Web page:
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Reading: Screening for amblyopia and strabismus in children aged 4–5 years: where do we go from here?

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Screening for amblyopia and strabismus in children aged 4–5 years: where do we go from here?

Authors:

Jill Carlton ,

Health Economics and Decision Science, School of Health and Related Research, University of Sheffield, Sheffield
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Carolyn Czoski-Murray

Health Economics and Decision Science, School of Health and Related Research, University of Sheffield, Sheffield
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Abstract

Aim: To describe the history of vision screening for amblyopia and strabismus and identify knowledge gaps within the literature.

Method: A review of the literature is presented which includes an examination of screening guidelines.

Results: A recent Health Technology Appraisal reported that screening for amblyopia and amblyogenic factors was not cost-effective, and highlighted a need for further research into the impact of amblyopia and amblyogenic factors in the long term. Despite recommendations to the contrary vision screening varies in content across the United Kingdom (UK), particularly with respect to the personnel undertaking the screening tests.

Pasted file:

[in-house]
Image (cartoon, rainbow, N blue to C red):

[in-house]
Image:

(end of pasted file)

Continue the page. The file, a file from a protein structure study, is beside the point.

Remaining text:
Conclusion: Uncertainty surrounding the appropriateness of vision screening remains, with areas of the literature still lacking in evidence to support screening programmes. Debate is needed as to the strategic approach of the orthoptic profession in the application of vision screening across the UK.

DOI: https://doi.org/10.22599/bioj.3
How to Cite: Carlton, J. and Czoski-Murray, C., 2009. Screening for amblyopia and strabismus in children aged 4–5 years: where do we go from here?. British and Irish Orthoptic Journal, 6, pp.15–21. DOI: http://doi.org/10.22599/bioj.3
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Published on 01 Aug 2009.
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